# Envy and Fairness#

Consider cake cutting: Alice and Bob want to split a cake, and the cake has different toppings (strawberries, chocolate, etc.) over different regions. One canonical mechanism is I-cut-you-choose:

One agent cuts the cake;

The other picks which slice they want;

First agent gets the remaining cake.

I-cut-you-choose is not dominant-strategy incentive compatible for the cutting agent but is for the choosing agent.

Proof. The cutter’s optimal strategy depends on the chooser’s preferences. The chooser directly chooses their outcome.

Why, has this mechanism been used? There is some notion of fairness in this:

(Envy-Free)

An allocation is envy-free if no agent envies another agent’s allocation.

The I-cut-you-choose mechanism can always lead to an envy-free allocation for both players.

Proof. The cutter can always cut the cake into two pieces that are equal in their perspective, so no matter which slice they get the allocation is envy-free for them. Then, the choose chooses their favorite slice, so it clearly is envy-free for them.

## Formalizing Fair Allocations#

Goal: from a set of items \(A\), choose some allocation for each of \(n\) agents. Each agent \(i\) has a valuation function \(v_i: \mathcal{P}(A) \to \mathbb{R}\). Then, there are several measures of fairness (defined in this setting):

Envy-Free: for all \(i,j\) we have \(v_i(A_i) \geq v_i(A_j)\);

Proportional: for all \(i, v_i(A_i) \geq v_i(A)/n\);

Equitable: for all \(i,j\) we have \(v_i(A_i) = v_j(A_j)\);

Perfect: for all \(i, v_i(A_i) = v_i(A)/n\).

Another possibility: competitive equilibrium from equal incomes, which is similar to competitive equilibrium except give everyone a “fake dollar” to spend.

In cases with indivisible goods, often none of them can be satisfied. In particular, if there is a single good (and both individuals gain strictly positive utility from it), none of these can be satisfied. A compromise:

Another compromise can be to approximately satisfy these conditions: let \(\overline{a}\) be the best item and \(\underline{a}\) be the worst item. Then,

Envy free up to one item: \(v_i(A_i) \geq v_i(A_j \setminus \overline{a})\);

Can always be satisfied.

Envy free up to any item: \(v_i(A_i) \geq v_i(A_j \setminus \underline{a})\)

Open problem for whether or not this can always be satisfied.

\(\alpha\)-Maximin Share: \(v_i(A_i) \geq \alpha \max_{A^i} \min_j v_i(A_j^i)\)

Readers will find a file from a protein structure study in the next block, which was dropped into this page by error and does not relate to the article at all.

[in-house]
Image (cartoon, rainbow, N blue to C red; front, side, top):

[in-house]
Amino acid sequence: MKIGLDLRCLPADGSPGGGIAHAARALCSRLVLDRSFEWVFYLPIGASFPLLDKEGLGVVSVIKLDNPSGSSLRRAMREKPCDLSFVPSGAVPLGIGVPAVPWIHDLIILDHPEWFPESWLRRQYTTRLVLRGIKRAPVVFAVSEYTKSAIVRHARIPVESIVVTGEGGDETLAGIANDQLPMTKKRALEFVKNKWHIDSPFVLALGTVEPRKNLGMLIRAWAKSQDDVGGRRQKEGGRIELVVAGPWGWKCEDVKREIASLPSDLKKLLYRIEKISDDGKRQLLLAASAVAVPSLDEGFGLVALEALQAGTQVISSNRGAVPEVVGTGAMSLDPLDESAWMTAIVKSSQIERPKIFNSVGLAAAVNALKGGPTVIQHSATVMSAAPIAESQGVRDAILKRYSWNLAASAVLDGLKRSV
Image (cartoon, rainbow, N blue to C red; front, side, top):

Can always be satisfied for \(\alpha \leq 3/4\).

Approximate competitive equilibrium from equal incomes: only require approximate equilibrium.

Can always be satisfied but computationally difficult to compute

Finally, we can directly seek to maximize some “fair” measure of overall utility. Some examples are:

Utilitarian/Social Welfare: \(\max_{A_1,...,A_n} \sum_i v_i(A_i)\);

Nash social welfare: \(\max_{A_1,...,A_n} \prod_i v_i(A_i)\);

Middle ground between Utilitarian and Egalitarian.

Competitive equilibrium from equal incomes maximizes Nash social welfare;

Egalitarian/maximin: \(\max_{A_1,...,A_n} \min_i v_i(A_i)\).

## Dominant Resource Fairness#

Suppose there are \(m\) resources with fixed capacities and \(n\) users that want to run as many identical tasks as possible. Each task demands some vector of resources to run. For now, suppose resources are infinitesimally small. How can resources be allocated fairly and efficiently without transfers?

For any allocation, each user has some fraction of total capacity of each resource (given by point-wise division of the user’s usage vector by the capacity vector). Then, a user’s dominant resource is the resource they have the highest fraction of usage of. Dominant resource fairness requires equal shares of dominant resources.

Algorithm to get DRF Allocation

Every agent submits their ratio of demands;

Algorithm computes the maximal allocation subject to DRF.

Every user prefers the DRF allocation to just getting \(1/n\) of every resource.

Proof. As the allocation is maximal, some resource \(j^*\) is exhausted so some agent \(i^*\) gets at least \(1/n\) of \(j^*\). Then, each agent has at least \(1/n\) of their dominant resource.

The DRF mechanism is envy-free.

Proof. If \(i\) envies \(j\), then \(j\) must have more of every resource so in particular, \(j\) must have more of \(i\)’s dominant resource than \(i\) does, a contradiction.

The DRF mechanism is Pareto-optimal and strategyproof.

Proof. Pareto-Optimal: As the allocation is maximal, some resource ie exhausted and no agent can be made happier without making some other agent sadder.

Strategyproof: for any misreport, Pareto-optimality of the allocation reached by truthful reporting means that less of the dominant resource is received.

## DRF in Practice#

Some of the assumptions made during the setup might break:

Tasks are not identical, arrive over time, and depart;

While resources are not exhausted, select user \(i\) with minimal dominant share and add their next feasible task. Not strategyproof (can clump tasks together) but works well in practice.

Tasks might have flexibility in resource use;

Tasks might have more specific criteria;

Tasks not infinitesimally small;

Users might have different priority levels;

Weighted DRF.

Some tasks have zero demand for some resources.

Find the maximal DRF allocation and then recurse on remaining feasible tasks.